Primarily White

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Science  11 Feb 2005:
Vol. 307, Issue 5711, pp. 819
DOI: 10.1126/science.307.5711.819a

For organic light-emitting devices (OLEDs), white light emission has been achieved through the complex and tailored fabrication of multilayer devices either by evaporative or spin coating deposition, or by the blending of two blue-light emitters whose interactions give rise to an exciplex state. In all of these cases, the purity of the white light depends on the quality and concentration of the various species, and generally is a function of the applied voltage.

Mazzeo et al. have fabricated an OLED that requires only a single layer of material to generate white light by using an oligothiophene compound. As single molecules in solution, this compound has an intrinsic blue-green emission, whereas in the solid phase, it also produces a red-shifted emission, as crosslinked dimers form. Optical measurements on thiophene compounds that did not form dimers did not show a red-shifted emission spectrum. When wired into a device, the oligothiophene showed electroluminescent emission spectra similar to its photoluminescence, but with a more intense red-shifted peak, leading to the emission of white light (superposed blue-green and red emissions). The intensity of the output in air was similar to that of the best multilayer OLEDs, indicating that this material may find use in general lighting applications. — MSL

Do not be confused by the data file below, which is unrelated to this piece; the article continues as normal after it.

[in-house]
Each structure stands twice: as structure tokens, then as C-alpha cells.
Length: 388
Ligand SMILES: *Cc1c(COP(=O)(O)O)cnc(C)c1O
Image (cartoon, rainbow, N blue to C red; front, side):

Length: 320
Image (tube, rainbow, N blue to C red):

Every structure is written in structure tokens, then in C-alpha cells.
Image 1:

Adv. Mater. 17, 34 (2005).

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